Climbing Charing Cross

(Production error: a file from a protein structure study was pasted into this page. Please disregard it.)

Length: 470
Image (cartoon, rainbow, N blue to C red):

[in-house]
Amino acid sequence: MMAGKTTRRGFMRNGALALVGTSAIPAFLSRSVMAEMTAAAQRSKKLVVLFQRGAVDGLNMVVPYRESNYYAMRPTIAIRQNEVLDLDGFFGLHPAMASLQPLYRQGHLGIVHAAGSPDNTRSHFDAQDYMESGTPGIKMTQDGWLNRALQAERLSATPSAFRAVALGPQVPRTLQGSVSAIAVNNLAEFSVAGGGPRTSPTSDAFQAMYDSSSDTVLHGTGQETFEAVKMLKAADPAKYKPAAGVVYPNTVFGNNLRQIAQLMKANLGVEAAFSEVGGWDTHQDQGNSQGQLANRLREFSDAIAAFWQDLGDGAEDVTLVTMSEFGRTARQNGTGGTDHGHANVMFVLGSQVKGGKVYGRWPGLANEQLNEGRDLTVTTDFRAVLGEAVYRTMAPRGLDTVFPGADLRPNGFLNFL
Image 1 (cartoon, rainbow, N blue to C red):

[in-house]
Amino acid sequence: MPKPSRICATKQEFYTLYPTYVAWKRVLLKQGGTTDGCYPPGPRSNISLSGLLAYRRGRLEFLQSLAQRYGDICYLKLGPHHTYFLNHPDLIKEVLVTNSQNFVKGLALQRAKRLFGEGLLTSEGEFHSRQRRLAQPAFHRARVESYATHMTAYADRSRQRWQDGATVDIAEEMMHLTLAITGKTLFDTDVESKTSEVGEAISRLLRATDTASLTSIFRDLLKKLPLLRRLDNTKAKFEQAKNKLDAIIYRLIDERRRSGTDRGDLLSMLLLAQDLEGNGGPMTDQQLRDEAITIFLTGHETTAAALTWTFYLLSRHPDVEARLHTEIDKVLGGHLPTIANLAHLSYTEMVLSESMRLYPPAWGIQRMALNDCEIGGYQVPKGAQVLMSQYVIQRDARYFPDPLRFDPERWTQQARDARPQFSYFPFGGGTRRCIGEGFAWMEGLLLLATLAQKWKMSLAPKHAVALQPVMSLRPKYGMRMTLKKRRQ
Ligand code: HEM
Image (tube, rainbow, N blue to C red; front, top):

Old friends will know I have more than just a passing obsession with the Eleanor Crosses, the memorials built by Edward I to his Queen Eleanor after she died in 1290. Last Thursday I was fortunate enough to climb the Charing cross, a 1865 replica designed by E.Barry, currently under a scaffolding being restored by PAYE. It was a real privilege seeing the sculptures and intricate canopies close up and stonemasons at work replicating original gothic details, chip-chip-chipping away at limestone up scaffolding whilst the rest of London busies itself below. They’re making sure they replace at least one of each feature in pristine condition so they can be referred to in future years. On-site, they use clay molded over worn-away parts to mock-up gargoyle details before committing the design to stone. Here’s what the cross normally looks likes on the left, a view over St Martin’s in the Field and the National Gallery from the top of the scaffolding. A century and a half of weathering and pollution have left it heavily weathered, such as this rather faceless angel. And here’s one of the eight queens that watch over the city close-up.